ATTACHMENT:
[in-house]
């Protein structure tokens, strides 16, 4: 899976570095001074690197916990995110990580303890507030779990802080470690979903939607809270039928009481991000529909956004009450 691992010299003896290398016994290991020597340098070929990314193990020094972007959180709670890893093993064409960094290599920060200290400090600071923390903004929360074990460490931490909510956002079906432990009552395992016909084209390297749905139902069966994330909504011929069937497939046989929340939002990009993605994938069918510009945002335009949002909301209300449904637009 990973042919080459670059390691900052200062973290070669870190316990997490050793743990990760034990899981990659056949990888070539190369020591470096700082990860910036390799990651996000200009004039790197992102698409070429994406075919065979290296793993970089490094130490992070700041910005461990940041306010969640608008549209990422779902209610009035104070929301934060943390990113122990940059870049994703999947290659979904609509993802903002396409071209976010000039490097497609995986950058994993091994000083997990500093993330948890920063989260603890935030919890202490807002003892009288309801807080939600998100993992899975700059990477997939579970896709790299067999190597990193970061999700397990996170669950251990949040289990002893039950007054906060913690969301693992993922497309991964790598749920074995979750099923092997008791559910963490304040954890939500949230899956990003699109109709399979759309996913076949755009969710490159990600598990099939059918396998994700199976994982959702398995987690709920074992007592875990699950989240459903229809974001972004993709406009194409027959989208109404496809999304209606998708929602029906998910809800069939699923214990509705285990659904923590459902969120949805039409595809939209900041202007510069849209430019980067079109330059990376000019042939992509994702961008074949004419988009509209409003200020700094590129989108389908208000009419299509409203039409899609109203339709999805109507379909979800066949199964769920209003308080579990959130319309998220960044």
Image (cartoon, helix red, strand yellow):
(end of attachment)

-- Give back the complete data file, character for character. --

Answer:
[in-house]
């Protein structure tokens, strides 16, 4: 899976570095001074690197916990995110990580303890507030779990802080470690979903939607809270039928009481991000529909956004009450 691992010299003896290398016994290991020597340098070929990314193990020094972007959180709670890893093993064409960094290599920060200290400090600071923390903004929360074990460490931490909510956002079906432990009552395992016909084209390297749905139902069966994330909504011929069937497939046989929340939002990009993605994938069918510009945002335009949002909301209300449904637009 990973042919080459670059390691900052200062973290070669870190316990997490050793743990990760034990899981990659056949990888070539190369020591470096700082990860910036390799990651996000200009004039790197992102698409070429994406075919065979290296793993970089490094130490992070700041910005461990940041306010969640608008549209990422779902209610009035104070929301934060943390990113122990940059870049994703999947290659979904609509993802903002396409071209976010000039490097497609995986950058994993091994000083997990500093993330948890920063989260603890935030919890202490807002003892009288309801807080939600998100993992899975700059990477997939579970896709790299067999190597990193970061999700397990996170669950251990949040289990002893039950007054906060913690969301693992993922497309991964790598749920074995979750099923092997008791559910963490304040954890939500949230899956990003699109109709399979759309996913076949755009969710490159990600598990099939059918396998994700199976994982959702398995987690709920074992007592875990699950989240459903229809974001972004993709406009194409027959989208109404496809999304209606998708929602029906998910809800069939699923214990509705285990659904923590459902969120949805039409595809939209900041202007510069849209430019980067079109330059990376000019042939992509994702961008074949004419988009509209409003200020700094590129989108389908208000009419299509409203039409899609109203339709999805109507379909979800066949199964769920209003308080579990959130319309998220960044």
Image (cartoon, helix red, strand yellow):